A Response to Sounding Off: Making Irish films that people want to watch: my thoughts on Mark O’Connor’s manifesto

Screenwriter and producer Eilis Mernagh responds to Mark O’Connor’s Sounding Off article: ‘The New Wave, The Fís And The Rage’, which featured in Film Ireland magazine Issue 142 Autumn 2012

Mark O’Connor, the writer and director of the low-budget feature film Stalker, read this manifesto out at the Fleadh, before a screening of Stalker.
I like the idea of someone putting themselves out there and bothering to write up a well thought-out manifesto. There’s something brave and maverick-ish about this. Vive La Revolution and all that! I like even more the fact that he had the balls to stand up and deliver it in public (it’s also printed in this month’s Film Ireland magazine btw).However, I do disagree with him on a bunch of points. Actually quite a lot of points.

I do agree that we are experiencing a bit of an “Irish New Wave” and that there’s a lot of interesting stuff being made. I also agree with him that Charlie Casanova has an “astonishingly powerful cinematic voice” and is one of the most intriguing pieces of work ever made in Ireland. And on a no-budget at that. But…

He goes on to say that “We have for too long focused on perfecting the script when in fact some of the finest work in this country, such as ‘Tin Can Man’ and ‘Pavee Lackeen’, came about through a uniquely personal way of working. These films show that the logic of film can work in a very different way than a rigidly plotted out story on paper.”

This is where my heart starts to sink. Like most writers, I believe that starting a film without a properly worked-out script (not necessarily rigidly plotted, there has to be room for manoeuvre) is like starting to build a house with no clear blueprints. What do you think the final product will look like? If the builder is a complete genius and manages to make it work, it will still be great. If he’s an average Joe, well…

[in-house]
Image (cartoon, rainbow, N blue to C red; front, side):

When this kind of point comes up, people always mention Mike Leigh. Yes, Mike Leigh can start with nothing more than an idea and improvise a whole film. But Mike Leigh IS a complete God at what he does. Most directors are not Gods (most writers aren’t either, for the record).

But there’s more.

“Unlike the ‘Auteur’ or ‘Shreiber’ theories favouring either the director or the writer as the true author of a film, the ‘Fís’ Theory holds that a true singular voice can only be attained when the director is also the writer. If the director does not write it then they must rewrite it and reinterpret it into their own vision”.

This reminds me of when I went to a screening of “Our Wonderful Home” by Ivan Kavanagh at JDIFF a few years ago. Following a silence during which you could smell the depression off the audience, a woman got up during the Q&A. She asked Ivan Kavanagh (rather pointedly) whether he thought it had been a good idea to write, direct and edit the film himself. She was heavily hinting that it might have been better to get another perspective.

For me, and I accept that this is not everyone’s view, film is a collaborative medium that relies heavily on a bunch of creative people working together. I write a script, a director directs the movie, someone else does the costumes, someone lights the set, etc etc. I have zero interest in directing and if a director has no interest in writing that should be okay.

Sidney Lumet wrote a brilliant book on making films where he dismissed as ”’auteur’ nonsense” the notion that the director is the sole stylistic voice on a film, and he said he went out of his way to give credit to everyone from script girl to star. He discusses how he worked heavily with the writers on each of his films and always put story first. In other words, he respected the talent of those he worked with and got the most out of it.